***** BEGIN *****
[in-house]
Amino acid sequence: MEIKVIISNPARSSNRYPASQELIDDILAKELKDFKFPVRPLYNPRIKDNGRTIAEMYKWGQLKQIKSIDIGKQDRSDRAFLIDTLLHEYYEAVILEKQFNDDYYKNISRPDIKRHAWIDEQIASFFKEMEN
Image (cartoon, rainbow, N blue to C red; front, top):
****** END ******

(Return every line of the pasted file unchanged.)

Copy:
[in-house]
Amino acid sequence: MEIKVIISNPARSSNRYPASQELIDDILAKELKDFKFPVRPLYNPRIKDNGRTIAEMYKWGQLKQIKSIDIGKQDRSDRAFLIDTLLHEYYEAVILEKQFNDDYYKNISRPDIKRHAWIDEQIASFFKEMEN
Image (cartoon, rainbow, N blue to C red; front, top):